The Calgary Gay History Project would like to give a shout out and goodbye to Jonathan Brower, a long-time volunteer with the project, whose special interest in Calgary’s queer theatre history was an important aspect of our work. Not only has his local queer theatre company, Third Street Theatre, commission the play 69, by playwright Natalie Meisner, but we just picked up two boxes of archival materials he has gathered referencing this ground breaking art form in our city. We admire and respect all of his contributions to Calgary and send him and his partner our best wishes for this new chapter of their lives.
Pride Week is coming up quickly and the Calgary Gay History Project will be offering two gay history walks during the “queerstravaganza” this year. One route will be through Downtown Calgary and the other at the University of Calgary. We are in initial talks to be involved in more Pride Happenings at the moment and will keep you posted via this website.
Thursday, Sept. 1st
7:00-8:30 PM Downtown Gay History Walking Tour
Join the Calgary Gay History Project’s Kevin Allen on a walk through the city centre. We will highlight significant political and social events that affected the gay community. On the way we will pass by several historical watering holes where gays and lesbians gathered. Everyone welcome.
Meet: CommunityWise (The Former Old Y) 223 12 Avenue SW
Saturday, Sept. 3rd
3:00 – 4:15 PM University of Calgary Gay History Tour
Join University Alumnus, Kevin Allen, as he explores the University’s role in the emancipation of the LGBTQ community in Calgary. Combining personal reflections with historical references, the tour was a hit at this year’s academic conference, Congress.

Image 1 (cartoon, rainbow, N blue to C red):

Meet: Q Centre: 2nd Floor. Old MacEwan Hall, University of Calgary.
Posted in Gay history
Tagged 69, bisexual, Calgary, gay, Gay history, history, History Walk, human-rights, Jonathan Brower, lesbian, Natalie Meisner, Old Y, Pride Calgary, Pride Week, queer, Third Street Theatre, transgender, University of Calgary
We have new summer reading material, thanks to Neil Richards who gave us a parting gift of a 1968 gay pulp novel, which was a duplicate in their archive. Everyone in Saskatoon during last week’s gay history research trip was exceedingly helpful, and the amount of Calgary materials in these archives are a testament to the closeness and cross-pollination between gay communities on the Prairies.
If you are in Calgary next weekend you should check out the Human RITES conference, an exploration of faith and identity, April 29-May 1. Conference organizer, Pam Rocker, explains that Human RITES was created because of the recognition that religion, in a broader sense, still actively marginalizes LGBTQ people. The conference goal is to create a space where people can discuss religion, identity and sexuality comfortably and respectfully.
Highlights include, an evening with Rae Spoon, singer/songwriter/author, workshops with writer/speaker Brandan Robertson and a reading of ‘oblivion’ by local playwright Jonathan Brower (he also is a researcher & collaborator with the Calgary Gay History Project).
Finally, we are looking forward to our upcoming Beltline Gay History Walk
as part of Jane’s Walks in Calgary on May 7th. Mixing it up, we will have a travelling artist with us during the walk. Bogdan Cheta, will be presenting some of his work, a manifesto has come to light
which was conceived at an artist residency in Calgary’s oldest artist-run centre, The New Gallery.
Art + History = Delicious Event.
Posted in Gay history
Tagged bisexual, Bogdan Cheta, Brandan Robertson, gay, Gay history, Human RITES, Jonathan Brower, lesbian, Neil Richards, Pam Rocker, queer, Rae Spoon, The New Gallery, transgender